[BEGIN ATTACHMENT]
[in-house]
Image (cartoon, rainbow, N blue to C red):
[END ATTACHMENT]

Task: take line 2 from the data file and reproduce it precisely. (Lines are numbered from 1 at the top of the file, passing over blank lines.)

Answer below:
Image (cartoon, rainbow, N blue to C red):